MB Blog 7
In a fleet as tight as the Extreme 40s have proven to be this year, being in contention for the podium entering the final day of racing is as good as it’s going to get. The races are short, and there are as many as 10 each day. Every team is well trained, focused and stacked with top talent. It’s a one-design fleet. And the final race of every Act is worth double points. When you combine all these factors with the inevitable unpredictability of sailboat racing, the idea of any team pulling away from the fleet before the final day is close to laughable.
So, as we left the dock to head to the racecourse in Muscat for the last time, were we happy to just be in contention for pole position? Of course not. We were calm, focused, and ready for a fight. That determination and quiet determination paid off in the first three races of the day. We posted top-three finishes while our competitors were stuck in mid-fleet traffic. As the wind lightened and the day wore on, it was feeling good to put a little in the bank.
Then came the inevitable and unpredictable: after a day and a half of feeling more confident with reaching starts, we were OCS (by a few feet!) in Race 4 of Day 4. Re-starting was painfully slow in the 5-knot breeze, and we sailed the entire race staring at the transoms of our seven competitors. It was a tough moment for the team, but, again, attitude is the story here. Everyone stayed calm and collected, with the understanding that this is just the way our sport works. A composed and calm demeanor, modeled by Morgan and Charlie, was a theme of our better moments in Muscat.
Entering the final, double-points race of Act 1, four teams were in contention for a podium finish. The battle for the blue ribbon was between our French competitors on Groupe Edmond de Rothschild, fellow Omanis The Wave and us. The breeze was dying, so the course was even shorter than usual. And, to make things more fun, it was a reaching start– our favorite.
In the pre-start, Morgan offered some wise words. I won’t share exactly what he said, but it helped us all put the moment in perspective, stay loose and relaxed, and focus on the task at hand. After the customary round of high-fives, we slid into our light air positions and waited for the sequence to start.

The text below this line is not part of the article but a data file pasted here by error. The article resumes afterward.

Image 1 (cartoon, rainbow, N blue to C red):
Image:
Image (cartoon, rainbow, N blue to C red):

I’m not accustomed to walk-off wins. Victories in the last six months at the Canada’s Cup, J/24 East Coast Champs and Key West have all come down to the last day, and the last race. I’m sure it feels great to post a string of bullets early in an event and sail a stress-free final outing, or skip the last start and hit the hoist first. I, however, am way more familiar with the combination of butterflies, confidence, determination and hopeful optimism that fill my gut in those final pre-start moments. In some sick, adrenaline-junky way, I’ve kind of grown to love it. As I slid, belly-down, out to the bow of the leeward hull to call our final approach to the line, the media boats caught me with a big grin on my face. Why? Because, pardon the expletive, I live for that shit. That moment is the reason we all go racing, and it’s arguably better (and certainly more addictive) than a win.
We started comfortably and hit the all-important first gybe mark in front of the French and The Wave. It was a relatively smooth race, loose covering those two competitors for two runs and a beat. As we rounded our final mark of Act 1 onto a short reach to the finish, Nasser looked over at me.
“If we finish in this position, will we win?” he whispered. I nodded silently and kept hiking off the leeward bow. The hope and jubilation in his eyes instantly justified hundreds of hours in the gym at Tufts earlier in the year. As we crossed the finish line, Will, Charlie and Morgan decided Nasser and I needed to go for a swim. Two thoughts crossed my mind:
1. I’m the luckiest kid ever—for great teammates, friends and family.
2. The water is going to be a lot colder in Qingdao.
Photo: Lloyd Images